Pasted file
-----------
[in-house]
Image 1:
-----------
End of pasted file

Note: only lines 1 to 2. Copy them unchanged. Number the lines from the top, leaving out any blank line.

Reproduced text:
[in-house]
Image 1: